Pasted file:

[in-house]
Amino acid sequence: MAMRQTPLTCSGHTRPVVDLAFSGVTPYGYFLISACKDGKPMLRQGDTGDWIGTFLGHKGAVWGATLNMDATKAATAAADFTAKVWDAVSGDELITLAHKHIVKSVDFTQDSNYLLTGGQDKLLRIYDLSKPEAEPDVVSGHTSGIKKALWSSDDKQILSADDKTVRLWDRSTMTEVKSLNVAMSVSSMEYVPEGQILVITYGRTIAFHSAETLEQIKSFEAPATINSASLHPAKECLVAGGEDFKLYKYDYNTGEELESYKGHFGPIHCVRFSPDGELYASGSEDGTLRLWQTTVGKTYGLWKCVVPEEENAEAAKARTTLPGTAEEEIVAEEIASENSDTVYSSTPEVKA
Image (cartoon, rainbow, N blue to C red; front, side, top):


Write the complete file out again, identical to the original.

[in-house]
Amino acid sequence: MAMRQTPLTCSGHTRPVVDLAFSGVTPYGYFLISACKDGKPMLRQGDTGDWIGTFLGHKGAVWGATLNMDATKAATAAADFTAKVWDAVSGDELITLAHKHIVKSVDFTQDSNYLLTGGQDKLLRIYDLSKPEAEPDVVSGHTSGIKKALWSSDDKQILSADDKTVRLWDRSTMTEVKSLNVAMSVSSMEYVPEGQILVITYGRTIAFHSAETLEQIKSFEAPATINSASLHPAKECLVAGGEDFKLYKYDYNTGEELESYKGHFGPIHCVRFSPDGELYASGSEDGTLRLWQTTVGKTYGLWKCVVPEEENAEAAKARTTLPGTAEEEIVAEEIASENSDTVYSSTPEVKA
Image (cartoon, rainbow, N blue to C red; front, side, top):